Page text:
The Centers for Disease Control and Prevention reports that in the U.S. alone over 210,000 women are diagnosed with breast cancer every year, and 40,000 women die every year from the disease. It is the leading cause of death from cancer among Hispanic women, and the second leading cause of death from cancer among white, black, Asian/Pacific Islander, and American Indian/Alaska Native women.

Good news about breast cancer rates

If there’s any good news in these rather jarring and unsettling facts it is that the incident rate has been declining since 1999 and the death rate since 1990. Early detection, mammography screening, and improved therapies have helped to lower mortality rates.

New knowledge through research offers a brighter tomorrow in the fight against breast cancer. The National Cancer Institute reports that advances in cancer genomics and cell biology are leading to the development of less toxic therapies that are tailored to an individual’s genetic profile.

Analysis of “gene expression,” the process by which a gene gets turned on in a cell to make RNA and proteins, has led to the identification of five subtypes of breast cancer, each subtype possessing distinct biological features and each responding differently to clinical therapies. Also, new knowledge of the immune system led to the development of several promising breast cancer treatment vaccines that are currently under clinical evaluation.

A stamp is born

That people like you and me could help fund breast cancer research of this magnitude through the simple purchase of a postage stamp was a novel idea.

The Breast Cancer Research Stamp, now in its fifteenth year, sells for 55 cents; that’s 10 cents over the current rate of first-class postage. By law, the net amount raised from the sale of the stamp is earmarked for breast cancer research at the National Institutes of Health and the Medical Research Program at the Department of Defense.

The three-year journey from day of conception to the first day of issue began in December 1995. “I was stamping holiday cards and preparing for a lecture on the history of breast cancer surgery,” said Bodai, “when suddenly it occurred to me, ‘Why not have a stamp to raise money for breast cancer research?’

“A quick analysis of the United States Postal Service in 1996 revealed that 180 billion pieces of mail were handled, one third of which were first-class items utilizing a 32 cent stamp. If half of those stamps were sold at 33 cents, $300 million would be generated annually, nearly equaling the entire National Cancer Institute’s budget for breast cancer research.”

Bodai contacted Postmaster General Marvin Runyon who tersely rejected the idea on the grounds that the U.S. Postal Service was not a fundraising organization. Bodai then solicited members of Congress proposing legislation to authorize the stamp. He received no replies.

Surgeon cuts through red tape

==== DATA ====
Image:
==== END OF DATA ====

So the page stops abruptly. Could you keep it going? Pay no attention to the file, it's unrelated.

So he brushed-up on how Congress works and off he went to Washington. He lobbied the 48 women in the House of Representatives and 11 women in the Senate. He started a grass roots campaign and earned endorsements from prestigious organizations including the American College of Surgeons and the American Medical Association. He won over legislative champions Sen. Diane Feinstein (D-CA) and Rep. Victor Fazio (D-CA) who sponsored and shepherded bills to authorize the postage stamp.

In July of 1997,  the ‘‘Stamp Out Breast Cancer Act’’ passed the House (422-3), and a similar version passed unanimously in the Senate. President Bill Clinton signed the bill into law (PL 105-41) in August 1997.

“After developing the line work of Artemis reaching back for her arrow, I realized she was mimicking the stance taken when doing a breast self-examination.” – Whitney Sherman, illustrator

With the passage of the law the U.S. Postal Service needed a stamp. Art director Ethel Kessler and illustrator Whitney Sherman were commissioned for its design.

Sherman says of her work, “After many sketches, one idea was taken to final review, the image of Artemis, the Greek goddess of the hunt.” Sherman found in the Artemis of classical depiction, bow in hand and with a quiver slung over her shoulder, “a figure larger than any single nationality, race or age.

“After developing the line work of Artemis reaching back for her arrow, I realized she was mimicking the stance taken when doing a breast self-examination.” This was an unexpected “visual bonus.”

Kessler, a breast cancer survivor, added the cheerful, vibrant colors and the slogan “Fund the Fight. Find a Cure” to evoke hopefulness and spirit for battle. The stamp debuted in July of 1998 in Los Angeles.

The winter holidays are upon us and soon we’ll be mailing cards to family and friends. When you drop by the post office for that cache of stamps, consider the Breast Cancer Research Stamp. For just a few cents more you too can “fund the fight to find a cure.”